California exceeds low-carbon fuel standard targets

May 01, 2013

Since California's Low Carbon Fuel Standard went into effect in 2011, low carbon transportation fuels have displaced roughly 2.14 billion gallons of gasoline and 77 million gasoline gallon equivalents of diesel, according to a new report by the Institute of Transportation Studies at the University of California, Davis. This prevented the emission of about 2.8 million metric tons of carbon dioxide emissions, equal to removing half a million vehicles from the road.

UC Davis researchers helped create the framework for the nation's first Low Carbon Fuel Standard (referred to as LCFS) in 2007 as a strategy to reduce California's greenhouse gas emissions. Low carbon fuels include biofuels from waste and plant materials, natural gas, electricity used in plug-in vehicles, and hydrogen used in fuel cell vehicles.

"Most people know about California's cap and trade program," said lead author and ITS research scientist Sonia Yeh, referring to the pollution-control program that allows companies releasing high levels of emissions to buy emissions permits from lower-emitting companies. "But in terms of the total impact of reducing California's , the Low Carbon Fuel Standard policy is just as important."

The LCFS requires oil producers, importers and other fuel providers to gradually reduce the carbon intensity of their transportation fuel mix—from 0.25 percent in 2011 to 10 percent by 2020.

The state's bank of net excess credits—the equivalent of preventing the release of 1.3 million metric tons of carbon dioxide into the atmosphere—at the end of 2012 represents roughly half of what is needed to cover the policy's target for 2013, the report found.

The policy encourages companies to either make investments in low-carbon or use the carbon credit market to buy greenhouse gas emission reduction credits from other companies that can produce transportation fuels that mitigate emissions at lower cost.

Overall, California has lowered the carbon intensity of its transportation fuels since the standard took effect. However, continued investment in more low carbon fuels is needed to meet the regulation's goals through 2020.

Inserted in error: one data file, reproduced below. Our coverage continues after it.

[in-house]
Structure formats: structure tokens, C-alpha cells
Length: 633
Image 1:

Using data from the California Air Resources Board, the report aims to make policy performance more transparent and easily accessible to the public, policymakers and stakeholders.

Highlights from the report include:

  • In 2012, low carbon fuels displaced 1.06 billion gallons of gasoline and 45 million gasoline gallon equivalents of diesel. Overall, low carbon fuels contributed about 6 percent of the total transportation fuel mix.
  • Of the credits, 78 percent were generated from ethanol from corn, other grains and sugarcane; 12 percent from natural gas and bio-based gases, such as liquid and compressed natural gas; 9 percent from biodiesel and renewable diesel; and 1 percent from electricity. Biofuels from waste materials made up less than 1 percent of biofuel volumes but generated 10 percent of biofuel credits, due to their low carbon intensity.
  • Credit prices reported to the California Air Resources Board averaged about $13.50 per metric ton of carbon dioxide equivalents in 2012 and $27.70 for the first two months of 2013.

The report, "Status Review of California's Low Carbon Fuel Standard—Spring Issue" was written by Yeh, ITS assistant project scientist Julie Witcover, and Transportation Technology and Policy Ph.D. student Jeff Kessler. It is the second in what the Institute of Transportation Studies expects to be a series of "status reviews" of California's LCFS. The first was published in November 2012.

About the Low Carbon Fuel Standard

Former California Governor Arnold Schwarzenegger issued an executive order in January 2007 to enact a low carbon fuel standard, the first such mandate in the nation. The California Air Resources Board was charged with developing and implementing the standard. The executive order tasked a University of California team, led by Daniel Sperling, director of the Institute of Transportation Studies at UC Davis, and the late Alexander Farrell of UC Berkeley, with providing the technical and scientific framework for the development of California's Low Standard. Their reports became the backbone of the standard, which was adopted in 2009 and took effect in January 2011.

Explore further: Turning bio-waste into hydrogen

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